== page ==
Great Yarmouth. "Great" Yarmouth. Great!...Yarmouth.
So we went to Great Yarmouth. I have nothing more eloquent to say than...hmm. What a weird town.
This is the first thing we saw as we walked to the center from the train station:
Operation Claw: Knives Destroy Lives. I suppose the idea behind this is to get people to throw their unused knives and shanks into the bin, but there's some faulty logic at work here. First of all: what if the knife has already stabbed somebody, and this is where the perpetrator throws the evidence? Also: what's the impetus for someone to throw their knife in the bin? If you're the type of person who carries a knife as a weapon, what wave of good will and pacifistic emotion is likely to spring up when passing the weapons bin? I wonder how many knives they get every week. My guess is not many.
Moving on, though, Yarmouth turned out to be, well, very weird. A little history: it used to be a lively little fishing town, and then when they overfished the waters and could no longer sustain a whole town on the fishing industry, they put some energy-generating windmills in the sea, erected some oil platforms, and the "casinos," previously booming, started to decline. Now they're just shells of good times past, though they still give it the old college try.
That's Caesar's Palace and The Flamingo. You could get it mixed up with Las Vegas, huh? So lush. Hilariously, all the machines take either 2 or 5 pence pieces, usually no more. They're generally filled with these penny-pusher machines that keep you hooked by spitting out pennies every now and again, just enough so that you don't walk away, because you're sure that even with slow progress, you might get that tin of mints or fishy keychain that teeters precariously near the edge! It's really very manipulative. There is also, however, ski ball, video games, air hockey, and this bizarre type of bowling, in which the pins hang on strings, and it's a recipe for disaster. Someone has even made a short video to really illustrate how strange this is.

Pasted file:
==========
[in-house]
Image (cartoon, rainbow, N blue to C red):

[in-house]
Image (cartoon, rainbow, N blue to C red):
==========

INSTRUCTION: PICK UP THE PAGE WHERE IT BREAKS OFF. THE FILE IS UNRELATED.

The bowling is not the only thing for kids to do though - there are all kinds of fun things for little ones. For instance, Joyland:
Yes, that's all it is. And yes, it looks a little deserted in the picture; that's only because it's pretty much totally deserted. Brad claims that the first time he went to Yarmouth, Joyland was roped off because there was a dead body parked outside. I've opted not to share the picture. But really, for a town that sells itself as a shiny, family-fun destination, there were surprisingly few people about, and more often than not they had no children. There were a few children riding some sad-looking burros around the beach, and that's about it. Other than them, the "children" were mostly teenagers who roamed around as if, shockingly, they had nothing else to do.
Oh, kids could also do this:
Mini-golf! This course wasn't too bad, though just down the street was a course called The Arnold Palmer, which was basically a cement plot about the size of my living room, a few strips of astroturf with 2x4s between them, and a foam rock here and there. It was, in a word, depressing.
There were also fun rides for the kids!
See, look at all those kids! The ride with the tipi in the foreground of that picture was a very dreary log-ride that went in one very short zig-zag; I don't know how many times around a kid would get to go for one token, because there wasn't a kid within a hundred feet of this thing.
A coworker of Brad's who actually hails from Yarmouth describes it as "dying", which seems about right. Come 6 p.m., almost every business closed its shutters, and the streets might as well have been overtaken by tumbleweeds. On our walk back to the train station, I imagined that the seagulls were probably killer birds who fed at dusk, and that's why everyone retreated into their homes. That's my story and I'm sticking to it.
All in all, though, it was fun, and a sliver of England that not many people see. There was a beach, I had some chips and ice cream, and I got to put my head into those weird wooden cutouts, and that's a good day in my book. Until next time.